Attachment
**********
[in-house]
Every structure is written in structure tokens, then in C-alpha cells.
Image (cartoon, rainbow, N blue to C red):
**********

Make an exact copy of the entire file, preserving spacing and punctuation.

[in-house]
Every structure is written in structure tokens, then in C-alpha cells.
Image (cartoon, rainbow, N blue to C red):